Glioblastomas exploit truncated O-linked glycans for local and distant immune modulation via the macrophage galactose-type lectin.

Immunotherapy clinical trials have shown promising results only in some glioblastoma patients, warranting further research on glioblastoma-induced immune suppression. Cancer-driven changes in glycosylation are beginning to be appreciated as key modulators of cancer immune evasion, since antigen-presenting cells express glycan-recognizing receptors that trigger immune suppressive signalling upon interaction with their ligands.

In a new study that is released today, the Immune System CytOMICs group, led by Dr. Garcia Vallejo (Dept. Molecular Cell Biology & Immunology) has identified a glycan signature as a modulator of immune suppression in glioblastoma via the tolerogenic receptor MGL. Using an orthotopic glioblastoma in vivo model and state-of-the-art high-dimensional immunophenotyping methods, they showed that overexpression of the MGL-ligand in glioblastoma led to increased infiltration of PD-L1+ macrophages, which could also be found in patient-derived glioblastoma tissues.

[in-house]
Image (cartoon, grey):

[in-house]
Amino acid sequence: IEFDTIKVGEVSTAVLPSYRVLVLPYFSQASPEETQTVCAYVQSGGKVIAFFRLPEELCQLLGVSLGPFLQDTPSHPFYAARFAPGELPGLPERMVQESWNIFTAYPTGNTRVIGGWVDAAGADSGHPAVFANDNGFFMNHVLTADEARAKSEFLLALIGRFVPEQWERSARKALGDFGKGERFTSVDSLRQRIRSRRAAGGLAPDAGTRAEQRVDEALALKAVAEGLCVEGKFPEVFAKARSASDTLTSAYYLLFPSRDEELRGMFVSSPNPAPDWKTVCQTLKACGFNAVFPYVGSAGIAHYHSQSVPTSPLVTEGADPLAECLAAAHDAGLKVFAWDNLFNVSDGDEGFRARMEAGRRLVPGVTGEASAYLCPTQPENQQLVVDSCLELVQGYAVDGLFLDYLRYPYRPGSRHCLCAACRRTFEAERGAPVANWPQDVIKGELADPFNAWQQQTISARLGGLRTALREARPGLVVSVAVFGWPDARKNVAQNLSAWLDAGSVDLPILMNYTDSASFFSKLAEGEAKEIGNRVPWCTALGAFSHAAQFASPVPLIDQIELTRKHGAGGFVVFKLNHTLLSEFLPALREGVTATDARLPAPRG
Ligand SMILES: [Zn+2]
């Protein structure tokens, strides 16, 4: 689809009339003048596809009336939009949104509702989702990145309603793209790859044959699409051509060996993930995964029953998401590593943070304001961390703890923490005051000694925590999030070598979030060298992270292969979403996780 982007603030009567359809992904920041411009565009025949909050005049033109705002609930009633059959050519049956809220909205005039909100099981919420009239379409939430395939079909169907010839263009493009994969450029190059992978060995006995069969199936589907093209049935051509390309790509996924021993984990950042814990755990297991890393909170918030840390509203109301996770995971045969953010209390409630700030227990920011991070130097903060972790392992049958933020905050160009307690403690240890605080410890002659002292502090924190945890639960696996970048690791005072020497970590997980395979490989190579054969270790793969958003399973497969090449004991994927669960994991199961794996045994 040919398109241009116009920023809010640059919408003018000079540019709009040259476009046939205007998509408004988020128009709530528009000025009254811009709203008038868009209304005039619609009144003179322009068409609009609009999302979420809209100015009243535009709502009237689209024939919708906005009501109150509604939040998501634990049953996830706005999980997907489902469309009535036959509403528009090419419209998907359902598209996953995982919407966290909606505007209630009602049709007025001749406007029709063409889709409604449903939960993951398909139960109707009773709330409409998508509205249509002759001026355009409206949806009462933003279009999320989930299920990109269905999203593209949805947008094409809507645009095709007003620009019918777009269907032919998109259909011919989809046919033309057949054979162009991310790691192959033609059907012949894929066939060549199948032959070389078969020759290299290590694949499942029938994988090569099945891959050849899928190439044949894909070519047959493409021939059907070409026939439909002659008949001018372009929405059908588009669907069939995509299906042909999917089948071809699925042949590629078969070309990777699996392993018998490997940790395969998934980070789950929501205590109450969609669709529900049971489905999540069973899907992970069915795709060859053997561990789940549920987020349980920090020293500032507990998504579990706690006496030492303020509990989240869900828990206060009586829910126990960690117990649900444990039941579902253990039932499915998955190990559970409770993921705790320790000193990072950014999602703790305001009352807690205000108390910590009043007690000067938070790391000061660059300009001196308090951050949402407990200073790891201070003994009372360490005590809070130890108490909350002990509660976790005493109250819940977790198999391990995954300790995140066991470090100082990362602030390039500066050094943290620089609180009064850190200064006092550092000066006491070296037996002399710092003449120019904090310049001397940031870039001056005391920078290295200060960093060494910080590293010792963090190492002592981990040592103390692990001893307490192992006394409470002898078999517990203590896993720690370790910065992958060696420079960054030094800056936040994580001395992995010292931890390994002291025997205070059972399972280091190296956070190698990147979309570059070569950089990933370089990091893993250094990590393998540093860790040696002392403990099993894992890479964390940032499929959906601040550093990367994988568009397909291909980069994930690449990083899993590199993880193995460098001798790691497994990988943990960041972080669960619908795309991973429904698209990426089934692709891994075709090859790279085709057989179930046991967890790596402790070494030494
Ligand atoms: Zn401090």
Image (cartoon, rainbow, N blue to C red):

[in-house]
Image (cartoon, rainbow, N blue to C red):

An improved understanding of the glioblastoma glyco-code will lead to new prognostic and therapeutic clinical applications. This project is the result of a long-standing partnership between the Departments of Molecular Cell Biology & Immunology and NeuroSurgery and has also involved prestigious collaborators, such as Xandra Breakefield (Massachussets General Hospital, Boston) and Gabriel Rabinovich (IBYME, CONICET, Buenos Aires).

You can find the article here: Dusoswa SA et al. Proc Natl Acad Sci U S A, in press.